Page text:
Australia will offer full support in Taiwan’s return to the World Health Organization (WHO) as an observer, just four years after it was expelled by Beijing. This comes after the WHO suppressed information on Taiwan’s coronavirus prevention measures.
This stance, which came after an appeal from Taiwan’s Health Minister, is consistent with Australia’s long-held position that Taiwan should be able to freely participate in cooperation at the UN health agency.
But this is set to create political strain between communist China, which still maintains sovereignty over its small island neighbor.
The foreign ministries of Australia and communist China have traded jabs over the past week, culminating in serious accusations of bullying, coercion, and intimidation as Australia’s Prime Minister Scott Morrison pushes forward with calls for an independent inquiry into the origins of the coronavirus.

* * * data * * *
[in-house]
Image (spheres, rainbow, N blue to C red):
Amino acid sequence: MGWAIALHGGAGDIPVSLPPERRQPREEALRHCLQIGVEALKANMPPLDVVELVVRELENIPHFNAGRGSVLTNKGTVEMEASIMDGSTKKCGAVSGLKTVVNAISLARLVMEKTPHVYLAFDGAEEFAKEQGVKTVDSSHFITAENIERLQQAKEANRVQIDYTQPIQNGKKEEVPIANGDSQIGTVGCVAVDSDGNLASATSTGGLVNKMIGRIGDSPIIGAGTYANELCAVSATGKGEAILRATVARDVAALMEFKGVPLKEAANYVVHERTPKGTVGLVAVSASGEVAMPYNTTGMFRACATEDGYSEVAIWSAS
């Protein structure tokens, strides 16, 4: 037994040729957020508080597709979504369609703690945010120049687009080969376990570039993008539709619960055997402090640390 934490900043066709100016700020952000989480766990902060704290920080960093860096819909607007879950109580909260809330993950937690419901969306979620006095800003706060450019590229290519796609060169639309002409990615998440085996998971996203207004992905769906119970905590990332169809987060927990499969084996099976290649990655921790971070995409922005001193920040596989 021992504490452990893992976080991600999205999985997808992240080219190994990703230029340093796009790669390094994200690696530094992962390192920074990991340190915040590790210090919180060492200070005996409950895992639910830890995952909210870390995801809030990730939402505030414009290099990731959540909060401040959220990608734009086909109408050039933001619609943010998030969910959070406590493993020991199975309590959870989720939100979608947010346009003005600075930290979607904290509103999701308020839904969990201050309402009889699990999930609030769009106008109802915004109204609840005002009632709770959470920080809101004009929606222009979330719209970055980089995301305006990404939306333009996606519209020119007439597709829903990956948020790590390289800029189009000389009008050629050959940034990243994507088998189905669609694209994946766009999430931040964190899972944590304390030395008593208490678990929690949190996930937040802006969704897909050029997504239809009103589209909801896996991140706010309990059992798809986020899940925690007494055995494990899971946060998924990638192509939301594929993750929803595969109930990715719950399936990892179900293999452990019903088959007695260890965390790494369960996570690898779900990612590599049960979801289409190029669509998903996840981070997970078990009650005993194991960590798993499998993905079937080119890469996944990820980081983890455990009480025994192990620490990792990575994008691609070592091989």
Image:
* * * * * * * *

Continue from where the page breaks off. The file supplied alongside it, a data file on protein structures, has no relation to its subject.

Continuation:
“The challenge of COVID-19 demands a determined, global response,” said a spokesman for Australia’s Department of Foreign Affairs and Trade.
“The WHO must therefore maintain a close working relationship with all health authorities.”
“This is consistent with our policy of supporting Taiwan's practical participation in international organisations.”
“Where statehood is a requirement for membership of organisations, we support Taiwan's participation as an observer or guest, consistent with our one-China policy.”
The tension is expected to peak at the World Health Assembly in mid-May, when Australia will formally introduce the call for a global independent review. And the US is set to lobby for Taiwan to be granted observer status after it has become one of the first countries to stifle the spread of the coronavirus, despite its geographical and economic proximity to communist China.
While communist China has suggested that the virus started in the US, Morrison has categorically shut down that narrative, by saying, “I don’t think anybody’s in any fantasy land about where it started.”
“It started in China and what the world over needs to know—and there’s a lot of support for this—is how did it start and what are the lessons that can be learned.”
The World Health Assembly is scheduled for May 17-21.